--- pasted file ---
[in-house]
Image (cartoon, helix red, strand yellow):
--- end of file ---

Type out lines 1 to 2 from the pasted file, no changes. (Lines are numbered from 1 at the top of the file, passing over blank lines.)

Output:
[in-house]
Image (cartoon, helix red, strand yellow):